After clicking on the page-corner, the Help Book opens, thereby tripling the apparent size of the application from its original size. Unfortunately, the Help Book also opens to the left, so that the left-hand page of the Help Book is displayed off the screen, and is hence, not visible to the user (we're not kidding - this really has to be seen to be truly appreciated). The only way to see the Help Book is to physically move it into view, but since IBM considers such essential GUI controls as title bars to be unnecessary clutter, there is no apparent way to move the Help Book.
Since we had previously used IBM's "Real" applications, we were already familiar with IBM's special technique of moving windows. We started to move the app to the right so that we could see the entire Help Book, and quickly learned that the Help Book is a separate application. This was somewhat disconcerting, but not all that bad, until we stopped moving it. We had the misfortune to stop dragging the Help window when it was over the RealCD window, which, get this, closes the Help Book! To successfully view the Help Book, the user has to move the RealCD application to the right, so that there would be enough room to display both sections of the Help Book, or be certain that the cursor was not over the left-pane of the CD case at the time of dropping the Help Book. The User Interface and Architecture Design Group at IBM thinks this is a good thing. We consider it absurdly stupid, completely non-intuitive, and incredibly difficult to use.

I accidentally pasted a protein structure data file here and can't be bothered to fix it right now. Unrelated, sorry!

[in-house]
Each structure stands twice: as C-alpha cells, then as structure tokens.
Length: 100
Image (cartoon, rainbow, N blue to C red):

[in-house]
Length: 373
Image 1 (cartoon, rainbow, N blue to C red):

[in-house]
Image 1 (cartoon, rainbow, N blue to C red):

IBM did provide keyboard access to some of the features of RealCD. Unfortunately, they hid the description of the keyboard commands on page 12 of the Help file (a small portion of which is displayed here).
One of the advantages of standard Windows controls (those that the UI&A Design group at IBM so loudly disdains) is that they provide explicit instructions for keyboard access. For example, all controls (should) have mnemonic characters (the underlined letter) assigned to them, and menu items often have a keyboard shortcut (e.g., CTRL+P) to the right of the name of the item. While all users benefit from this information, IBM considers it "clutter", and chose to hide it in the Help file, thereby requiring those users lucky enough to find it to memorize the information in order to utilize it. This is quite simply, poor design.
RealCD does have one useful feature to offer: the user can change the logo image. Unfortunately, this is accomplished not from within RealCD, but from within its Help file.
Let's restate the design: while you can change the title of the CD from within RealCD, and you can change the names of the tracks on that CD from within RealCD, you must invoke a different application to change the cover art to be associated with the CD.
The Cover Art function is described on page 14 of the Help Book, and the controls to perform the function are provided on page 15. While most designers might have provided a simple command button on the application to perform such a function, the "user-centered" designers at IBM decided it was more usable to require the user to:
Continuing the design strategy introduced with the Cover Art function, IBM's designers provided some additional useful functionality in the Help Book. The user can specify whether or not RealCD should start automatically whenever a CD is loaded into the CD drive. Unfortunately, this setting is only available from page 17 in the Help Book.